House History is a growing field of research for those who are interested in discovering the stories of the people who lived in their house over time. By studying the history of a property we can find out more about the people and communities who have lived on a particular street or in a certain house over past centuries.
Ownership of property was always transferred before the Royal Court so it is possible for house historians to trace the ownership of their property and then use records such as the census and rate lists to find out about the lives of the people who lived in their house.
Our House History Information Leaflet highlights the collection we hold that can help with your research.
What’s Your Story?
Since 2008 Jersey Archive have been hosting a series of talks called What’s Your Story project. The project has revealed the stories of Jersey’s people, streets and properties and attracted hundreds of visits to Jersey Archive. Archive staff have discovered stories of love and marriage, military heroes, witchcraft and murder and crime and punishment.
Our articles have now been placed on the Jersey Archive Blog for you to view.
The History of Clarence Road
Jersey Archive is located in Clarence Road and by looking at records from this area we can see how it might be possible to build up a picture of a street or community from the 19th century.
Jersey Archive itself was built in 2000 in the former Anthony’s Quarry. The quarry itself had been purchased by the States of Jersey in the 1950s as a site for housing. By looking at the 1834 Le Gros Map of St Helier we can clearly see that a quarry existed on the site of Jersey Archive at this date. The rest of Clarence Road (or Clarence Terrace as it is called on the Le Gros Map) consists of a small number of houses with part of the road still bordering on to an orchard.
Looking back to the 1800 map of St Helier we can see that the entire area from the Jersey Archive in Clarence Road to St James Street is covered by orchards. By looking through the public registry for land transactions we can trace the origins of Anthony’s Quarry. The land for the quarry was purchased by Clément Auguste de Quetteville in the 1820s from the Chevalier family. Clément presumably built the quarry to help cater to the growth in the number of buildings in St Helier that took place in the first half of the 19th century.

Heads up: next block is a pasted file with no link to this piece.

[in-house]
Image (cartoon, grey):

The quarry in Clarence Road sat alongside some rather grand properties such as Sussex House and Gardiner House, both of which were built between the 1830s – 1850s, perhaps with stone from the quarry.
By looking at the 1851 census we can see that this was a prosperous area of town. Living in Clarence Road we have a Doctor, a retired Surgeon from the East India Company, a Fund holder, a Professor of writing and general literature, a Master Sail Maker and a retired Lieutenant previously in the Royal Navy.
Many of the inhabitants of Clarence Road had large families, for example Philip Harding, a 50 year old Doctor and his wife Mary are listed as having seven daughters from the age of 20 to 4 all living with them at Sussex House in 1851. By looking at baptism records we can see that Philip and Mary actually had another eighth daughter, Kate in 1848, and finally after eight girls Mary gave birth to twin sons, George and Robert, in 1849. Sadly, as the 1851 census does not record these last three children we can only assume that they succumbed to the high levels of infant mortality in the 19th century.
Further evidence of the area’s prosperity can be found when looking at the names of the individual’s living on Grosvenor Terrace. Grosvenor Terrace, or simply ‘The Terrace’ was built in 1826.
By 1851 the individuals living at The Terrace included John Hammond, the then Advocate-General of Jersey. Hammond lived at number 15, The Terrace with his wife Jane Penrose Le Breton – the sister of Dean Le Breton, father of Lillie Langtry and their four daughters and two sons. The household benefited from the services of a live in cook, a parlour maid and two housemaids.
These stories show how the records at Jersey Archive can be used to give us a brief glimpse into the individuals who walked on the same streets and lived in the same properties as us. We can imagine the Harding girls playing in the garden at Sussex House and John Hammond setting off to work at the Royal Court from Grosvenor Terrace.